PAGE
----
Microsoft seemed very committed to activity trackers back in 2015 when it launched the original Band wristband, and the company reiterated this love for such devices a year later with the second generation.

But suddenly, Microsoft discovered that smartwatches/activity trackers don’t make much sense for its hardware portfolio and quietly killed the Band, despite some hints that a third generation model was prepared for debut.

And as it turns out, the Band 3 was indeed real, though at first glance, it brought only minor design and usability improvements over its predecessor. Basically, it was more like a hardware refresh than a completely new generation, and this could be one of the reasons the company decided to abandon the Band.

In terms of looks, the Band 3 looked nearly identical with the Band 2, and it was only slightly thinner and slimmer to the point where you could barely see it with the naked eye. The clasp on the back was redesigned and the device was supposed to be more comfortable on the wrist, though we were told the same thing when Microsoft launched the Band 2 and it wasn’t entirely true.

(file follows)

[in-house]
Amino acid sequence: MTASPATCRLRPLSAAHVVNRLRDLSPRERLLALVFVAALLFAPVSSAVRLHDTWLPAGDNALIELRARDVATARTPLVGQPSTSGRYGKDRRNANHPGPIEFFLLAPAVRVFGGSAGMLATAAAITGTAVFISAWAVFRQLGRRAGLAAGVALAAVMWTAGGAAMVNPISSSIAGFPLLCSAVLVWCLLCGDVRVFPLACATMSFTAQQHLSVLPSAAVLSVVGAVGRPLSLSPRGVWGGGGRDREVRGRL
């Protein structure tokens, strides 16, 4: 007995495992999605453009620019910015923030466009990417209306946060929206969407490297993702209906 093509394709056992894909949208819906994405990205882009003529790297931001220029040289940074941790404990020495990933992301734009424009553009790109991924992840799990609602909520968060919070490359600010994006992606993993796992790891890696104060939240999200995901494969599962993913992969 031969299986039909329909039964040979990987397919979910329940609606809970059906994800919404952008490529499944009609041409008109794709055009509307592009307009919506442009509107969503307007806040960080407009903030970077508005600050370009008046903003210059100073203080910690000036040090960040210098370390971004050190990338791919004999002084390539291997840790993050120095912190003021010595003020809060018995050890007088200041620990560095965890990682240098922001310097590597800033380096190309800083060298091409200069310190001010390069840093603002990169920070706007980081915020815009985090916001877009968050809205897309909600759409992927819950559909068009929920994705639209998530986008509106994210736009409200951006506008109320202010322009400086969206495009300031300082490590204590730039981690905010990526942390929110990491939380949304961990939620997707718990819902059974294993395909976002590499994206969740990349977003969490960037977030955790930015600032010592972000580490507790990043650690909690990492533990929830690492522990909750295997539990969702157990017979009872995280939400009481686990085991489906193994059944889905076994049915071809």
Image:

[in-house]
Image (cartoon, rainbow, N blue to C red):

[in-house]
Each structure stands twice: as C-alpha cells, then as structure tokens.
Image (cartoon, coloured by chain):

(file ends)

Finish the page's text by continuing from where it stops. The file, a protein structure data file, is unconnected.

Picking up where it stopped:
New hardware

As for hardware, little was changed. The device featured the same 12.8mmx32mm curved AMOLED screen with 320×128 pixels resolution, Bluetooth 4 support, and improved battery charge time from 1.5 hours to 1 hour.

In addition to an optical heart rate sensor, gyrometer, GPS, ambient light sensor, skin temperature, UV sensors, galvanic skin responsive, microphone, and a barometer, the Band 3 was also upgraded with electrocardiogram support and RFID.

It was supposed to be fully waterproof, so Microsoft was working on swimming tracking as well, a feature that’s now available on other smartwatches, like the Apple Watch Series 3.

At this moment, it’s still not clear why Microsoft abandoned the device completely or if the company still plans to return at some point, but judging from this leaked info, the company might have made the right call.

Microsoft Band 3 vs. Microsoft Band 2